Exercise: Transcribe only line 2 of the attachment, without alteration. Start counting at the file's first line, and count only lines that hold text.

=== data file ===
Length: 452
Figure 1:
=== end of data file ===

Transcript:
Figure 1: